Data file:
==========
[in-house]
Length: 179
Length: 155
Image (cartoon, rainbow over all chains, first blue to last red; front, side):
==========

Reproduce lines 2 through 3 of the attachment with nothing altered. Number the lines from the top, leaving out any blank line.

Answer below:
Length: 179
Length: 155